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Unbreakable Machine Doll: The Complete Series
Unbreakable Machine Doll takes place in an alternate reality of the early 20th century where scientists have crafted what is known as "Machinart" through a mixture of technology and magic. Machinart is essentially circuits made from spells that are placed into a non living object and bring them to life, giving them artificial intelligence and full cognitive function. The finished products are referred to as "Automatons", which were initially developed as a military weapon and spread throughout the world, with the humans that control them aptly titled "puppeteers."
Our main protagonist of the story is that of a young puppeteer named Raishin Akabane (played by Clifford Chapin) comes from Japan to study at the prestigious Walpurgis Royal Academy of Machinart, along with his automaton Yaya (voiced by Bryn Apprill.) Once every four years, the Academy holds a traditional "Evening Party", a competition where the top 100 puppeteers of Walpurgis Royal Academy use their automatons to fight in hopes of obtaining the title of "Wiseman."
While initially the series, at face value, is about Raishin trying to rise through the ranks at Walpurgis, fight through the top 100 students, and win the tournament; It's soon revealed that Raishin has entered the school and the competition in order to get revenge on the man simply known as "Magnus", a mysterious man who is considered the strongest puppeteer around, being able to control 6 automaton, when most can only control one. Raishin has vowed to take revenge on Magnus as he's tied to the deaths of Raishin's family. With the image of cradling his dead sister's body ingrained into his mind, Raishin will stop at nothing to quench his bloodlust.
While there is an overarching storyline throughout the 12 episodes, it's not exactly the focal point of the series at most times as it's only developed here and there throughout. Unbreakable Machine Doll is actually comprised of several broken up story arcs, much like A Certain Magical Index or another anime I recently reviewed, Tokyo Ravens. Each arc typically revolves around someone trying to stop Raishin from gaining access to the party and/or Raishin trying to help out a girl that will eventually be added to his "harem", so to speak.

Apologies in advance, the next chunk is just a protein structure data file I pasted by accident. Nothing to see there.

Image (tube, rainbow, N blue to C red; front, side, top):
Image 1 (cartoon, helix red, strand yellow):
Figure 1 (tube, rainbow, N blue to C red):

- The show has excellent and well developed characters, something that took me by surprise, to be totally honest.
- A great dub. I'm a huge fan of both newcomers, Clifford Chapin and Bryn Apprill, they've both turned in stellar work in the past year or so and Unbreakable Machine Doll is no different.
- Unique concept with the automaton's.
- The way the 3 separate storylines and the main arc are weaved together is well done.
- The biggest problem about this series is its pacing and the rushed overarching storyline. The series starts off as a simple straight forward tournament style storyline with a revenge plot, but then suddenly breaks off into multiple different storylines that have nothing to do with the main story. It needed more time for that revenge plot to simmer. It had a perfectly good plot to work with, but instead the writers decided to go a different direction and bog the show down with unneeded storylines about stuff like harems and serial killers.
- Lack of an ending.
- Unneeded fan service.
Video and Audio:
Presented in its original 1.78:1 aspect ratio, the video quality of Unbreakable Machine Doll is excellent. The image is vibrant and clean, and the details are sharp. Studio Lerche, the team behind the Persona franchise and Assassination Classroom, has knocked it out of the park here. The color palette is vivid and striking, the character designs are well detailed, the fight scenes are beautifully animated. It's a very strong production.
The audio is delivered in typical FUNimation fashion with 2 different options. The first is a lossless TrueHD 5.1 English track and the second is the original TrueHD 5.1 Japanese mix. Your enjoyment of either will be based on what language you prefer. I myself sampled both tracks, watching the majority in the top notch English dub. There were no signs of any distortions or dropouts throughout the set.
- Episode 1 commentary with Christopher Bevins, Clifford Chapin, Bryn Apprill, and Kristin McCollum.
- Episode 12 commentary with Christopher Bevins, Lindsay Seidal, David Wald and Kristin Sutton.
- 10 page art booklet.
- Six Bonus shorts that deliver mostly more fan service, though there is one that gives a bit more background on some of the more grounded elements of the series.
- Promotional videos.
- Clean opening and closing themes.
- FUNimation trailers.
I'm no fan of "fan service" in anime, never have been, never will be, which is why I was a bit hesitant to go into Unbreakable Machine Doll. However, I was shocked as I watched the first few episodes and the show had excellent well rounded characters, a unique and solid overarching story. However the pacing is erratic with it's multitude of story lines that emerge and the copious amounts of needless fan service. At the end of the day, it's not a bad way to spend a few hours of your time and is at least worth a rental... Rent It.